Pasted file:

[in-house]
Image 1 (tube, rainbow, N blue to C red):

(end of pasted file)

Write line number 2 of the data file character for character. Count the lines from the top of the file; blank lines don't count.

Image 1 (tube, rainbow, N blue to C red):